It’s the day after the morning that Baba Bozorg forgot to wake up. Before, his snores were so loud you could hear him throughout the house. Today, as his granddaughter explores the familiar halls, it’s quiet. But at every turn she discovers that her Baba Bozorg is still there—he lives on in his favourite fig cookies, his giant slippers, and the sour cherry tree he planted years ago.


"Kazemi’s illustrations have a soft, filmy quality that suits a story about memories ... The first-person narration, filled with childlike details and tender emotions, reinforces the equally childlike perspective of the delicate art."

- The Horn Book

"A universally relatable story that articulates a difficult concept for younger audiences, with a heartfelt message about loss and the memories of loved ones."


"The Sour Cherry Tree lives on beyond the page. From the expanse of grief to a message of hope, it embodies what the young girl perhaps most loved about her grandfather: that he loved her."

- Quill & Quire - STARRED REVIEW

"Deeply evocative ... A beautifully poignant celebration of memories of a loved one that live on in those that remain."

- Kirkus Reviews – STARRED REVIEW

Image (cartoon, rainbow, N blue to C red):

"A portrait of a beloved grandfather who kept mints in his pockets, liked fig cookies, and 'spoke Farsi loudly but English quietly.'"

- Publishers Weekly

"This book gives voice to the hidden aspects of grief, the small token, the remembered word or gesture that defines memories. It’s an essential guide to mourning, in its earliest stages, for the young."

- School Library Journal - STARRED REVIEW

"[The Sour Cherry Tree] might help children and their parents to find some comfort in what's left behind."


"A lovely addition to the canon of children’s picture books that deal with the death of a grandparent."

- Canadian Review of Materials

"In Ms. Kazemi’s soft, cloudy pictures picked out with tiny details, the girl moves through the rooms of Baba Borzog’s house looking at his things ... In memory, she sees him as he was, with his wry, twinkling eyes under bushy brows and his determination always to wave goodbye until his family was out of sight."

- The Wall Street Journal

"The story takes a gentle look at loss and allows the narrator to speak freely about all she loved about her many visits with her grandfather."

- Sal's Fiction Addiction